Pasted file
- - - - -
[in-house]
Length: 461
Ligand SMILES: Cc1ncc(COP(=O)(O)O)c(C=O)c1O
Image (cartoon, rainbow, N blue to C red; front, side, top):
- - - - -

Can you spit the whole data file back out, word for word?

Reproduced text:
[in-house]
Length: 461
Ligand SMILES: Cc1ncc(COP(=O)(O)O)c(C=O)c1O
Image (cartoon, rainbow, N blue to C red; front, side, top):